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Washington Cultural Symbols

Washington’s official cultural symbols are about as inspirational as the homeless people that have come to define the state’s de facto capital, Seattle.

Cultural Symbols  
Ship President Washington 1983
Tall Ship Lady Washington 2007
Sport pickleball 2022
Arboretum Washington Park Arboretum (University of Washington, Seattle) 1995
Tartan 1991
Folk Song Roll on Columbia, Roll On 1987
Dance square dance Redundant Symbol 1979
Washington Cultural SymbolsThe Lady Washington and Washington’s state tartan.

The state is named for George Washington, an aristocratic slave owner who never traveled west of the Appalachians. George is the centerpiece of the state’s ugly flag and seal. Washington also has an official ship and tall ship, named the President Washington and Lady Washington. The latter is a sailing ship, but the President Washington was a container ship; how exciting is that? It’s a reminder that the Pacific Northwest is ruled by corporate Seattle. The President Washington isn’t even listed on the Washington State Legislature’s state symbols website.

The official state tartan is a monotonous green. My vision of a Washington tartan (below) includes lots of yellow, representing Eastern Washington, which The Seattle Times likes to deride as “the hinterlands.”

GeoTartan

The state dance is the ever redundant square dance. The state sport is pickle ball. If you’ve never heard of it, join the crowd. I’ve lived in Washington far longer than I care to admit, and I never even heard of pickleball until it was designated the state sport in 2022.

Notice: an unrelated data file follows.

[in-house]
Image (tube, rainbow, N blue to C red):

Corporate Folk Song ˆ

Symbols of The ArtsCenter: Corporate song-writer Woody Guthrie. Microsoft co-founder and children’s whore Paul Allen (second from left) forced taxpayers to pay for his sports stadium, which he used to advertise everything from Xbox to Pepsi. The stadium is also used to promote the military and America’s sleazy wars. Not surprisingly, many people cheered when Allen died. (Clint Dempsey (let): CC BY-SA 3.0 (site terms) — link; Paul “Elephant Man” Allen: By Miles Harris, CC BY-SA 3.0link Note: I modified this image, erasing most of it.)

Washington’s official folk song might be its most controversial symbol if the media didn’t protect it. “Roll On, Columbia” was written by Woody Guthrie, a famous songwriter and folk singer. He’s probably best remembered for his song “This Land Is Your Land.”

Unfortunately, Guthrie isn’t as wholesome as you might think. Racism, arson, and maybe even murder were prominent traits in his troubled family. In fact, his father was a member of the Ku Klux Klan. Guthrie was a big fan of the Soviet Union’s Joseph Stalin, who may have been history’s biggest monster.

“Roll On, Columbia” has a few warts as well.

The federal government recruited Guthrie to promote a grand New Deal project—the taming of the Columbia River. More precisely, the Bonneville Power Administration hired Guthrie in 1941 to write a series of songs about the federal projects to gain support for federal regulation of hydroelectricity. In other words, Guthrie was a paid propagandist.

Today, “Roll On, Columbia” is sung by soccer fans in tax-subsidized CenturyLink Field, formerly owned by the famously weird Microsoft multi-billionaire Paul “Elephant Man” Allen. But not everyone is a fan of Paul Allen—or “Roll On, Columbia.”